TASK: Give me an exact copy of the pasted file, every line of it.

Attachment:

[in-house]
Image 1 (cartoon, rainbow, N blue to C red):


[in-house]
Image 1 (cartoon, rainbow, N blue to C red):